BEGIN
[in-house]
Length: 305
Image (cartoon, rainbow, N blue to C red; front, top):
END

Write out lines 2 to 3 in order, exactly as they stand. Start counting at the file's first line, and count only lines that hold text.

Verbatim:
Length: 305
Image (cartoon, rainbow, N blue to C red; front, top):